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WSU: Around the Pac-12 and college sports, this is an important summer for Washington football recruiting, one that hasn’t started as well as Jimmy Lake might have hoped. … The NIL battle is underway as well, with Nike firing a big shot in defense of Oregon. Kayvon Thibodeaux is signing a contract with the company reportedly worth six figures. … Colorado has a bunch of inexperienced receivers. … Arizona lost another linebacker to the transfer portal. … Yesterday was the last day for college players to withdraw from the NBA draft and be eligible for next season. A bunch did, including Johnny Juzang and Cody Riley at UCLA, USC’s Isaiah Mobley and Arizona State’s Marcus Bagley. … Former Oregon State basketball coach Eddie Payne died yesterday at age 69.

Gonzaga: Hey, the Battle in Seattle is back. Thanks Mike Roth. It’s a nice parting gift for Puget Sound Zag fans. The Bulldogs will face Alabama Dec. 4 in the remodeled Climate Pledge Arena’s first college basketball game. For more, check out Jim Meehan’s story. … Chet Holmgren had another well-balanced game at the U19 Worlds. Jim has that story as well. … Elsewhere in the WCC, Damon Stoudamire left the University of Pacific yesterday, moving to the Celtics as an assistant coach. The Tigers moved quickly and hired former Idaho head coach Leonard Perry to take Stoudamire’s spot.

Indians: Spokane defeated Vancouver 3-2 in Hillsboro, Ore., last night. Dave Nichols has more in this story.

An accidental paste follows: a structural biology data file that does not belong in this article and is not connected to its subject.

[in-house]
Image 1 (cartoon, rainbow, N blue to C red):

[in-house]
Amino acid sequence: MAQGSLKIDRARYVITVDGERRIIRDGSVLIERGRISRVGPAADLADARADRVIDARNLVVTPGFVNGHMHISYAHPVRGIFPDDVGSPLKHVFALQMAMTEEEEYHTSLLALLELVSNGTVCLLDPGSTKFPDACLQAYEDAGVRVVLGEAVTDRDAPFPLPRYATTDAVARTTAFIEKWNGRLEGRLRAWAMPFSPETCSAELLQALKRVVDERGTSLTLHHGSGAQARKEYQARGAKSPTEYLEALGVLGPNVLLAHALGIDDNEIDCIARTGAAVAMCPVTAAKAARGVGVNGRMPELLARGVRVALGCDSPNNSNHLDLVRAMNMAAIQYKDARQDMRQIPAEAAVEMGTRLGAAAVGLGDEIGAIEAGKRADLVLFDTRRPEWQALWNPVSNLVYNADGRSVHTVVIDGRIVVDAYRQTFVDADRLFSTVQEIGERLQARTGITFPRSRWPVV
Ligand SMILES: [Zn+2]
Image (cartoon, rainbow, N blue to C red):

UFC: A couple of Spokane-based fighters will square off in the “Ultimate Fighter” TV series. Ryan Collingwood has more in this piece.

Mariners: Is it fitting that Kyle Seager’s major league career turned 10 years old Wednesday and the M’s lost 5-4 to the New York Yankees. Yes, there is something appropriate about it. … All-Star Yusei Kikuchi struggled in the loss. … Justus Sheffield won’t make his next start. He’s on the injured list.

Seahawks: Their second season is important for any NFL draft pick. That’s certainly the case in Seattle now.

Sounders: After 13 matches, Seattle has yet to lose. The Sounders won 2-0 against Houston at Lumen Field last night, setting an MLS mark for the best start to a season.

Storm: Seattle strengthened its hold on first place with a 71-62 win over Los Angeles and Las Vegas’ loss to Phoenix.

Olympics: No, the Sha’Carri Richardson controversy isn’t the only one for these Olympics. There is a COVID-19 one as well. And that’s worse.

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• One last reminder. We won’t be here tomorrow. We have an early morning appointment. Sorry. We will, however, be back Saturday morning. Until then …